Unless you’re the sole proprietor of any living space in New York, then you have a landlord (a.k.a. that dude or dudette who receives the bulk earnings of your paycheck every month). Yeah, in some cases, renting an apartment in New York is no picnic. In fact, it can be downright stressful—especially if your studio is in poor condition and if your landlord is, well, a dick. But you know what? You have rights! You’re entitled to live safely and comfortably whether it's an expensive or affordable apartment in NYC, and your landlord has a legal duty to make sure of it.
So here are ten rights your landlord probably doesn’t want you to know (with contributions from the Time Out New York staff). Keep this list handy, it's basically your New York guide to life.
1. You legally have the right to ask the landlord, repairman or anyone else to leave your apartment at any time (Castle Doctrine).
2. The landlord must give adequate notice (at least 48 hours) before entering a tenant’s property, and may only do so without notice if there's an emergency.
3. You can check the 311 website to see how many complaints were issued (and what they were about) for your address.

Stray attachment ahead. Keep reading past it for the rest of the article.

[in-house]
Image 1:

4. You can get a background check on your landlord and the property company by asking the building or management office.
5. Rent can be negotiable—though your landlord’s corporation and receptiveness will differ!
6. If a bedroom doesn’t have a closet or a window, then it is not a “legal” bedroom and could be considered a firetrap.
7. If there are serious repairs that affect your health and safety, you may legally withhold rent. We’ve all heard of the case where the woman won millions over stupid repairs, right?
8. Want to know if your building is rent stabilized? Well, there's a website for that: amirentstabilized.com.
9. What’s the worst thing that could happen to any renter? Two words: Bed bugs. Your landlord is legally required to get rid of those gruesome pests within 30 days, and must cover the cost of extermination.
10. You can bad-mouth your apartment and landlord to your mom, the police, the media—anyone! As long as you're honest, of course. But your landlord cannot threaten you by decreasing service, increasing rent or preventing you from renewing your lease.
Disclaimer: We're here to help, but please make sure to consult your own attorney for legal advice before taking any action!